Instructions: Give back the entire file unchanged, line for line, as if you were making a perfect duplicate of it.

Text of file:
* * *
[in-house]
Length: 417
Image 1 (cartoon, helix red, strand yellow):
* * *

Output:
[in-house]
Length: 417
Image 1 (cartoon, helix red, strand yellow):